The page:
rgreat FH Developer

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    Huh, bad joke imho.

    No 'stories' please unless there is reliable numbers in them.
    Numbers. Graphs.
     
  14. -ALW-

    -ALW- Well-Known Member

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    How can you come to these settings? There is no basis for that information. For one thing....you can't fly those planes so you don't know. You can't put 50lbs of pressure on a joystick and see if that is the output. And I've included the same image with an empasis on the intersecting lines where the roll rates meet. I do find that interesting compared to planes such as F4F and F6F.
     

    Attached Files:

  15. rgreat

    rgreat FH Developer

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    Ask that on american NACA flight testers. Or you think they LIE? ;)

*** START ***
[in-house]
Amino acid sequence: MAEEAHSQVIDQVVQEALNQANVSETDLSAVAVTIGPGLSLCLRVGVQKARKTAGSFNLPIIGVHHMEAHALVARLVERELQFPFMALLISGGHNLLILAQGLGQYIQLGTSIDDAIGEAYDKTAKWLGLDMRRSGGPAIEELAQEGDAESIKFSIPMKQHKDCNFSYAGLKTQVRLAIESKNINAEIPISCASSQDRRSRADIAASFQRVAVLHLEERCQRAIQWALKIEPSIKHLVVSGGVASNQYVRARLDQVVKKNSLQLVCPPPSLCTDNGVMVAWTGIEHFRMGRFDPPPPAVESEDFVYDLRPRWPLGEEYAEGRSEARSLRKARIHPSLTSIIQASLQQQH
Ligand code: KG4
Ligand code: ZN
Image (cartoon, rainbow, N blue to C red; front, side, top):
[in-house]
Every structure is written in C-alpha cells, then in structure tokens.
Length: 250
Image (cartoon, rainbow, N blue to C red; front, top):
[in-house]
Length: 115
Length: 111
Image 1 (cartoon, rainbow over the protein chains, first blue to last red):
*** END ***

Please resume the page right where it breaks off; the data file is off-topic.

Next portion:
Now F4F and F6F have a good roll? ;)
    No surprises there.

    For example 190 max rollrate is more then two times faster then the same one from P38.
     
    Last edited: Feb 3, 2003
  16. rgreat

    rgreat FH Developer

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    Ok, im off to sleep now.
    You have time to prepare some worthy arguments before we continue. ;)
     
  17. -ALW-

    -ALW- Well-Known Member

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    Who said you could sleep? :dura:
     
    Last edited: Feb 5, 2003
  18. -ALW-

    -ALW- Well-Known Member

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    Lie? You don't even have a web based link for your info. :nono: OK, I do think that this is getting a bit off the topic I started with. The roll rate isn't something I can or want to negotiate. It was fine, and I didn't ask about it.
    THE problem is what the plane is doing at those speeds at which you fly. If at any particular time, say at 250mph...you decide to loop, or bank, the plane reacts horribly. It will try to spin, torque spin, and stall. That is the main problem. :mad: